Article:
Subject: RE: FOR APPROVAL: OZPLB Licence
From: Russell McOrmond <russell@flora.ca>
Date: Tue, 28 Dec 2004 22:22:37 -0500 (EST)


On Mon, 27 Dec 2004, Michael Sparks wrote:

> This means that if I state on a webpage that the contents may be used
> under a Creative Commons BY-SA-NC-2.0 license, I can be pretty certain
> that the set of rights I want to grant *are* being granted in all the
> countries/legal systems the licenses have been translated into.

  While I am a huge fan of Creative Commons, participate in the iCommons
Canada mailing lists, and license most of my non-software works under
these licenses, I have yet to have someone explain to me why they believe
the above is true.

  A work is not licensed under a "commons deed" or the AT-SA/etc labels,
it is licensed under specific legal code.  If I chose the Canadian license
and you are an Australian, then only if I somehow manage to ensure that a
case involving this work will only be heard only in Canada will the
license be interpreted within the country compatable with the license.

  If you manage to get a case heard in Australia, then we have the same 
problem of licenses being incompatable with the domestic legal code.

  That is just the most simple (and least realistic) case which is that
all the authors of a collective work are from the same legal jurisdiction.  
The Linux kernel as one single project has contributions from citizens in
a large number of countries, and thus has parts that can be seen as under
the jurisdiction of all these countries.  What does the composit license
look like, or are you suggesting that the work is licensed "in the legal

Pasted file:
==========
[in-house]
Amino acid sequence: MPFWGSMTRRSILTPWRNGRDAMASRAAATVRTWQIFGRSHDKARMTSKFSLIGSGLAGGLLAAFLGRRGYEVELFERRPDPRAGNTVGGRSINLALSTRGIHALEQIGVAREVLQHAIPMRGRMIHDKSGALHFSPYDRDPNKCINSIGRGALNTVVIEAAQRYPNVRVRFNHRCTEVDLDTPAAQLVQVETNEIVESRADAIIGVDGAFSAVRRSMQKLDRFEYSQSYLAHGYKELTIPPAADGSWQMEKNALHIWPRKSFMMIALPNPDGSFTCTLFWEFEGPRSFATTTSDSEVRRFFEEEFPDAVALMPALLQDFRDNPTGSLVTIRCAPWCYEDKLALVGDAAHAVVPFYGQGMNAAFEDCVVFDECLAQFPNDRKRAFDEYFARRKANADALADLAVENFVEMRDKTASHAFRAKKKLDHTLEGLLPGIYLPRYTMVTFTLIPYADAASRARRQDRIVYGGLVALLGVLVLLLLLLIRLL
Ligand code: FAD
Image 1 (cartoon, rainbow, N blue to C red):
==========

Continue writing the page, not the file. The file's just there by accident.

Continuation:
code compatable with the country of the court", a legal concept of license
jurisdiction auto-detection which I don't believe exists anywhere.

  Unless I am missing something, I don't quite see how CC solves the huge
legal jurisdictional problems that exist not only under PCT laws but also
many other laws.  We have seen a number of quite weird tort cases where
the claim is that if someone in a given country can see some material that
it is covered under the tort laws of that country.  I as a Canadian can be
found guilty of violating United States law even though the same activity
is not illegal in Canada, and that I don't intend to set foot in that
country until certain legal issues are fixed.


Any help on this issue greatly appreciated.

Note: This is just a question about the issue which CC is perceived to
solve.  Lets not even begin to discuss legacy code which is already
licensed and the practical problems with attempting to re-license existing
software if this was seen as a solution.

-- 
 Russell McOrmond, Internet Consultant: <http://www.flora.ca/> 
 Have you, your family, your friends (, your enemies) signed the
 Petition to the Canadian Parliament for Users' Rights in Copyright?
 http://digital-copyright.ca/petition/